Today I have the pleasure of having Darren Hynes, author of Creeps, on the blog to talk about the process of writing this particular book. Be sure to keep reading to also find out more about the book and the book writing process.
About the book:
Fifteen-year-old Wayne Pumphrey wishes he were courageous enough to actually send the heartfelt letters he writes to friends and family. He also wishes his father would drive on the right side of the street, his mother would stop packing her suitcase to leave, and his sister would stop listening to Nickelback. But most of all, he wishes that Pete "The Meat" would let him walk to school in peace. After all, how many times can one person eat yellow snow?Then one morning, while facing Pete and his posse, Wayne is rescued by Marjorie, the girl with a dead father and a mother who might s well be. Together, the two of them escape Pete's relentless bullying by rehearsing for the school play, and an unlikely friendship is formed. As they grow ever closer to one another, they begin to dream of escape from their small town and resricted lives. But Pete now has plans for both of them--and after a moment of sudden violence, nothing will ever be the same again for Wayne, Majorie, or Pete himself.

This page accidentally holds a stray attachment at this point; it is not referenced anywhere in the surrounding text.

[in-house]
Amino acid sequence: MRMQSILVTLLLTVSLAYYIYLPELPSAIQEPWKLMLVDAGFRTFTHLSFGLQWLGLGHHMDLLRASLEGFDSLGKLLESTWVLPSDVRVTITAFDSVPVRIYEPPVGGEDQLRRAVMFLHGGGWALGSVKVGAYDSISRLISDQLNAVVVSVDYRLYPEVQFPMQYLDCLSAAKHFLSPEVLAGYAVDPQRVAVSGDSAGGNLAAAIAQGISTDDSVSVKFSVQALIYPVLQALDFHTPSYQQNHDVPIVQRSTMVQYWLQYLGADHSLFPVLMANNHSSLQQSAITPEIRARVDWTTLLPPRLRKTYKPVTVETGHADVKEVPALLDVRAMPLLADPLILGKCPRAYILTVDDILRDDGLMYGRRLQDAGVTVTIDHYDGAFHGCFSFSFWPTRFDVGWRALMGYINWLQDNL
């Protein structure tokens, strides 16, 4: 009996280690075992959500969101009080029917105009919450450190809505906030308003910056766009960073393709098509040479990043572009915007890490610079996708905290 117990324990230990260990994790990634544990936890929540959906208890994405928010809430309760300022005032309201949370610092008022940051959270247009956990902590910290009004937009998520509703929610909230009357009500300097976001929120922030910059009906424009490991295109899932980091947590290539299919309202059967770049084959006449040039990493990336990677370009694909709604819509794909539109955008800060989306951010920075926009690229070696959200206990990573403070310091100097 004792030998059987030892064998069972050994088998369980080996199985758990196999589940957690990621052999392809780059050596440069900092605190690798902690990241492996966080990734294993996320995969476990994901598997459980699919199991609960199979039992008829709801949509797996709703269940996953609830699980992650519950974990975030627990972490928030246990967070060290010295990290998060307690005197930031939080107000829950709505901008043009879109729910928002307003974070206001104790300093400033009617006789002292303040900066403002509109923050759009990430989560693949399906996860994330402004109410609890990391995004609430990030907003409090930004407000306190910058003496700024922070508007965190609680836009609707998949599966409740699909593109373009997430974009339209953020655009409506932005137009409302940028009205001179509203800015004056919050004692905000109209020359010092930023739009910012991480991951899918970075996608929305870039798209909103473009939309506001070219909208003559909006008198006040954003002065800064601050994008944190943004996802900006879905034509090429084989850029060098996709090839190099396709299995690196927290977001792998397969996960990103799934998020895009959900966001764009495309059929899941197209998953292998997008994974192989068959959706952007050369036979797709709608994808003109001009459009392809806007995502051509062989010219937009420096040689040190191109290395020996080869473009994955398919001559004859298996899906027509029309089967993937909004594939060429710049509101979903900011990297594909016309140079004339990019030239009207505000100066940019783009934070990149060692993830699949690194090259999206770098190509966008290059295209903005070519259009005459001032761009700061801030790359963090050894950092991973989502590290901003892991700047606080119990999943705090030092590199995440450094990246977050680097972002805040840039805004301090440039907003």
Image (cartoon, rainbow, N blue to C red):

Creeps from start to finish – what process did you go through while writing this book?